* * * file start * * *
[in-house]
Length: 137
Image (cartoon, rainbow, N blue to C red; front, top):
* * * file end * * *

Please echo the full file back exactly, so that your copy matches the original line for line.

[in-house]
Length: 137
Image (cartoon, rainbow, N blue to C red; front, top):